Hong BT, Cheng YE, Cheng TJ, Fang JM. Boronate, trifluoroborate, sulfone, sulfinate and sulfonate congeners of oseltamivir carboxylic acid: Synthesis and anti-influenza activity. Eur J Med Chem. 2018 Dec 13;163:710-721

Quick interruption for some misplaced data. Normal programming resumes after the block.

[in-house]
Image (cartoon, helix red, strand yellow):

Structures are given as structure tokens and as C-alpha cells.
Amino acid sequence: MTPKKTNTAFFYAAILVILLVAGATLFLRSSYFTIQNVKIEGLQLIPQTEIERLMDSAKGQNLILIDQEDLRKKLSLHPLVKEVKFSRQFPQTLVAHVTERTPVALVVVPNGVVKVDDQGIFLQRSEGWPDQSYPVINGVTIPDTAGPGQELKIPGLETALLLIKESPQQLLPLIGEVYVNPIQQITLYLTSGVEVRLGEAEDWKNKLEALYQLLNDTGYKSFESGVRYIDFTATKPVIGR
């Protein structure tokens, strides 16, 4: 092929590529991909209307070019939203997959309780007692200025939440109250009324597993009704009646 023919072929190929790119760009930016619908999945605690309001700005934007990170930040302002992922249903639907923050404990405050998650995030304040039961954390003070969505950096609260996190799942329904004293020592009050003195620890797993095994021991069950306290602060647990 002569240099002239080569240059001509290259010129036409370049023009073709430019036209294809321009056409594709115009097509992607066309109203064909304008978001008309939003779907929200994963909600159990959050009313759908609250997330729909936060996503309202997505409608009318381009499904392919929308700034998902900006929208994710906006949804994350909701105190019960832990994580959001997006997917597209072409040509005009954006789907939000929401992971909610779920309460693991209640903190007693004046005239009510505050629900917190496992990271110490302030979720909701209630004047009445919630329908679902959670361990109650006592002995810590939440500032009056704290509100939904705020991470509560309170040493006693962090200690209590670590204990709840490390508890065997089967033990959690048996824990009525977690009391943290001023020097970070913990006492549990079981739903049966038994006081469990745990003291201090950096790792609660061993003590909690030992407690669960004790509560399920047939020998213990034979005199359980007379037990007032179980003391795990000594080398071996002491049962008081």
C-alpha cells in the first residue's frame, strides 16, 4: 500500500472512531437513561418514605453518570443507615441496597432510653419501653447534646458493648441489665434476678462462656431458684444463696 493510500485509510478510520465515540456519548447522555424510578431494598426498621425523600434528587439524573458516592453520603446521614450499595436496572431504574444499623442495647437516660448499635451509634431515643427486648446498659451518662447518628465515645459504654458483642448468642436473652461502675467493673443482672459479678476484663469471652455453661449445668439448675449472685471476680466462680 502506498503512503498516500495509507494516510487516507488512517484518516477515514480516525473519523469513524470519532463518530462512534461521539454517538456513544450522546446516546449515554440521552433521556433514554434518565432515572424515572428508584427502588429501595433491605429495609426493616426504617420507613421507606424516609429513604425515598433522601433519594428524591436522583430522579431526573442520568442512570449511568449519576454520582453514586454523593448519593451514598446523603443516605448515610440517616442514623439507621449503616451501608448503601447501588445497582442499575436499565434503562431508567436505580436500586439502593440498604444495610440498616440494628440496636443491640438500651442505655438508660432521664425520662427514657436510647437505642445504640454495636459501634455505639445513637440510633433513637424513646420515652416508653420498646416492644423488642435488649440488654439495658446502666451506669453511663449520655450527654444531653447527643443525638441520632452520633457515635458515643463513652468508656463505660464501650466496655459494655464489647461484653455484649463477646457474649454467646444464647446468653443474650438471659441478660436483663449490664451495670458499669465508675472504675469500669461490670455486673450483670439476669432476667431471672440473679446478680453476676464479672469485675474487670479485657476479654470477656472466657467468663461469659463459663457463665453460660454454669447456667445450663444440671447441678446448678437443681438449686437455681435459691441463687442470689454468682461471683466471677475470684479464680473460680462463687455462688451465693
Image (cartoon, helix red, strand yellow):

Tamiflu readily undergoes endogenous hydrolysis to give oseltamivir carboxylic acid (OC) as the active anti-influenza agent to inhibit the viral neuraminidase (NA). GOC is derived from OC by replacing the 5-amino group with a guanidino group. In this study, OC and GOC congeners with the carboxylic acid bioisosteres of boronic acid, trifluoroborate, sulfone, sulfinic acid, sulfonic acid and sulfonate ester were first synthesized, starting with conversion of OC to a Barton ester, followed by halodecarboxylation to give the iodocyclohexene, which served as a pivotal intermediate for palladium-catalyzed coupling reactions with appropriate diboron and thiol reagents. The enzymatic and cell-based assays indicated that the GOC congeners consistently displayed better NA inhibition and anti-influenza activity than the corresponding OC congeners. The GOC sulfonic acid congener (7a) was the most potent anti-influenza agent, showing EC50?=?2.2?nM against the wild-type H1N1 virus, presumably because the sulfonic acid 7a was more lipophilic than GOC and exerted stronger interactions on the three arginine residues (R118, R292 and R371) in the NA active site. Although the trifluoroborates, sulfones and sulfonate esters did not have acidic proton, they still exhibited appreciable NA inhibitory activity, indicating that the polarized B-F and S→O bonds still made sufficient interactions with the tri-arginine motif.
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